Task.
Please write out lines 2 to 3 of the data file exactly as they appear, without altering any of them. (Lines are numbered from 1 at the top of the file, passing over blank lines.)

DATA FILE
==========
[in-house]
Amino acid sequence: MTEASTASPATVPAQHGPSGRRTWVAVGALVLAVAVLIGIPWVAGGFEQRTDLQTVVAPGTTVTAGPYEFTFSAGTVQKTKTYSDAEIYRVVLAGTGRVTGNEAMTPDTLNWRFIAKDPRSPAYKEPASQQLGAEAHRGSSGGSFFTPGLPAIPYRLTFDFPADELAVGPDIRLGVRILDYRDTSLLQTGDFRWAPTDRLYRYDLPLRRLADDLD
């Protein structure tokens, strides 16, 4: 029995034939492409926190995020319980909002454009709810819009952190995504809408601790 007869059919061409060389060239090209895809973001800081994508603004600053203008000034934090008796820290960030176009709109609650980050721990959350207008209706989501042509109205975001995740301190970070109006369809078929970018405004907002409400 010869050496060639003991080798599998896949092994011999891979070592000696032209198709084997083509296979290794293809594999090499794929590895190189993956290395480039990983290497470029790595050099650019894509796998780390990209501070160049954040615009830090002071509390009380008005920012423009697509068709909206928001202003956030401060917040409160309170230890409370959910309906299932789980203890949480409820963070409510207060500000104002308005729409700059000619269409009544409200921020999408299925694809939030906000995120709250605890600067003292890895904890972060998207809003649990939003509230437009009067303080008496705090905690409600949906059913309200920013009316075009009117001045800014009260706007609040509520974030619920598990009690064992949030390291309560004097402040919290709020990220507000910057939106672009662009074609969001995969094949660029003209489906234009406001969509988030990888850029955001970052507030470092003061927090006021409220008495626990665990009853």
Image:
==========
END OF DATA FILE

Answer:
Amino acid sequence: MTEASTASPATVPAQHGPSGRRTWVAVGALVLAVAVLIGIPWVAGGFEQRTDLQTVVAPGTTVTAGPYEFTFSAGTVQKTKTYSDAEIYRVVLAGTGRVTGNEAMTPDTLNWRFIAKDPRSPAYKEPASQQLGAEAHRGSSGGSFFTPGLPAIPYRLTFDFPADELAVGPDIRLGVRILDYRDTSLLQTGDFRWAPTDRLYRYDLPLRRLADDLD
């Protein structure tokens, strides 16, 4: 029995034939492409926190995020319980909002454009709810819009952190995504809408601790 007869059919061409060389060239090209895809973001800081994508603004600053203008000034934090008796820290960030176009709109609650980050721990959350207008209706989501042509109205975001995740301190970070109006369809078929970018405004907002409400 010869050496060639003991080798599998896949092994011999891979070592000696032209198709084997083509296979290794293809594999090499794929590895190189993956290395480039990983290497470029790595050099650019894509796998780390990209501070160049954040615009830090002071509390009380008005920012423009697509068709909206928001202003956030401060917040409160309170230890409370959910309906299932789980203890949480409820963070409510207060500000104002308005729409700059000619269409009544409200921020999408299925694809939030906000995120709250605890600067003292890895904890972060998207809003649990939003509230437009009067303080008496705090905690409600949906059913309200920013009316075009009117001045800014009260706007609040509520974030619920598990009690064992949030390291309560004097402040919290709020990220507000910057939106672009662009074609969001995969094949660029003209489906234009406001969509988030990888850029955001970052507030470092003061927090006021409220008495626990665990009853």